A freak wave caused a boat on a whale-watching trip to capsize as passengers crowded to one side of the top deck, investigators told the Guardian. Five Britons were killed when the vessel sank off Vancouver Island in British Columbia.
Marc Andre Poisson, director of marine investigations for the Canadian Transportation Safety Board (TSB), told a news conference on Wednesday, October 28, that the position of most people who were watching sea lions at the side of the boat would have "raised the centre of gravity", affecting the boat's stability.
He said that after questioning some of the 21 survivors, including three crew, "We also know that the sea conditions were such that a wave approached from the starboard quarter, that's the right of the vessel … we know that the vessel broached and then capsized."
The TSB said it would examine the vessel to find "stability information at the time of its construction, and examining any modifications that have been made since its initial construction that may have affected its stability".
The five people who died had been on the upper deck of the boat which sank near Tofino on Sunday, October 26, and had not been wearing life jackets, regional coroner Matt Brown told reporters.
They have been named as David Thomas, 50, and his son Stephen, 17, both from Swindon.
Other British fatalities were Nigel Hooker, 63, from Southampton, Salford-born Jack Slater, 76, who lived in Canada, and Katie Taylor, 29, from Litchfield, Staffordshire, who was also living in Canada. A 27-year-old Australian man who was on the boat with his girlfriend remains missing.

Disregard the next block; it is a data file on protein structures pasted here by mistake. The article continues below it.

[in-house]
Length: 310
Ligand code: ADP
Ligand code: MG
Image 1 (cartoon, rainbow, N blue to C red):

Canadian legislation does not currently require passengers to wear life jackets in that area on that model of boat, said Brown.
"Life jackets were on board. I believe that this vessel can occupy up to 50 individuals. There were 27 on board and there were life jackets available for all of them," he said.
The premier of British Columbia, Christy Clark, visited Tofino on Tuesday and praised the rescue efforts of fishermen from the Ahoushat First Nations community, a few miles north. "More lives would have been lost if not for the Ahoushat First Nation. We're all incredibly grateful," she said.
Though there was not time for a distress call to be made over the radio, a member of the crew found a distress flare in the water, which was spotted by an Ahousat fishing vessel, which raised the alarm over the radio, and went to rescue survivors. Rescue boats also set off from Tofino.
Bosses at Jamie's Whaling Station and Adventure Centre said the skipper of the vessel had been taking whale-watching expeditions for 20 years. Company owner James Bray said those on board the boat were not required to wear life jackets as the boat had enclosed compartments which could be difficult to exit in the event of an emergency.